Either Mr. Trump is issuing an empty threat of nuclear war, which will further erode American credibility and deterrence, or he actually intends war next time Mr. Kim behaves provocatively. The first scenario is folly, but a United States decision to start a pre-emptive war on the Korean Peninsula, in the absence of an imminent threat, would be lunacy.
.. History shows that we can, if we must, tolerate nuclear weapons in North Korea — the same way we tolerated the far greater threat of thousands of Soviet nuclear weapons during the Cold War.
.. First, though we can never legitimize North Korea as a nuclear power, we know it is highly unlikely to relinquish its sizable arsenal because Mr. Kim deems the weapons essential to his regime’s survival.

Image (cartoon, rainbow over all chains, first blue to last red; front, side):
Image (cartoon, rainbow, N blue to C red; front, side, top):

.. By most assessments, Mr. Kim is vicious and impetuous, but not irrational.
.. John Kelly, Mr. Trump’s chief of staff, must assert control over the White House, including his boss, and curb the Trump surrogates whipping up Cuban missile crisis fears.
.. Fourth, we must continue to raise the costs to North Korea of maintaining its nuclear programs. Ratcheting up sanctions, obtaining unfettered United Nations authority to interdict suspect cargo going in or out of the North, increasing Pyongyang’s political isolation and seeding information into the North that can increase regime fragility are all important elements of a pressure campaign.